Injecting Heroin: The Long and Short-Term Effects?
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Short Term Effects of Injecting Heroin
Once heroin enters the brain, it is converted to morphine and binds rapidly to opioid receptors. The intensity of the rush depends on how much of the drug is taken and how rapidly the drug enters the brain. With heroin, the rush is usually accompanied by dry mouth, a warm sensation on the skin and a heavy feeling in the extremities. Other short term effects are nausea, vomiting, pain in the upper abdomen, and severe itching. After the initial effects, users are usually extremely drowsy for several hours. It is not abnormal for a heroin user to abruptly fall asleep on the spot. Along with mental function becoming clouded, heart function and breathing can slow down. Slowed breathing can also lead to coma and permanent brain damage
Among the many problems of using heroin to get high is that the short term side effects lessen with every exposure to the drug. The more a person takes heroin, the more the body gets used to it – a process known as tolerance. The National Institute on Drug Abuse explains that as the brain adapts to what heroin does to it, it responds less and less if the same amount of heroin is used. This usually motivates users to increase their doses, desperate to experience the same sensation that got them hooked in the first place. It may take a number of hits at a higher dose to feel that initial high, but by that point, the tolerance level has already increased so users take more and more heroin.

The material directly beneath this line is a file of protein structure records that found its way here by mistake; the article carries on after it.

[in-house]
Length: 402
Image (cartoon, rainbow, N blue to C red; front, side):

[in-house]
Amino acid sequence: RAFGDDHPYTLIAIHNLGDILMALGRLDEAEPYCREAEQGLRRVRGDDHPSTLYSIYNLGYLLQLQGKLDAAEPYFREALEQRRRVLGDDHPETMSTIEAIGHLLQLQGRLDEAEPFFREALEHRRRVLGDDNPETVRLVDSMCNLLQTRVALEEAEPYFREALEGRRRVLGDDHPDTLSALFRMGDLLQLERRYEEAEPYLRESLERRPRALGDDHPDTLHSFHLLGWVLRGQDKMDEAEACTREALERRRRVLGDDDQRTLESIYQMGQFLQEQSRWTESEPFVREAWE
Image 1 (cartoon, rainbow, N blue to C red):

Mental Effects of Heroin
A few short term mental effects of heroin abuse include poor decision making and damage to critical thinking abilities.
However, from the early days of the habit, the seeds are planted for what can happen long term from a mental standpoint. One reason there is a high tolerance for heroin in habitual users is that the brain is forced to create additional opiate receptors to accommodate the continuous flood of the drug. This is primarily why repeated use of heroin can never duplicate the high that is created the first time the drug is taken. There is no way for the user’s brain to go back to the standard amount of opiate receptors. This is the reason the user is driven to take more and more heroin because there are always more new opiate receptors than there is heroin available.
Long term Effects of Heroin
The effects on the body from prolonged use of this drug are very destructive. Frequent injections can lead to infections of the blood vessels and heart valves. Tuberculosis can result from the general poor condition of the body. Arthritis is another long-term result of heroin addiction. Over time, users withdraw from their normal lives, activities and obligations and life begins to revolve around seeking out and being in the haze of a heroin high.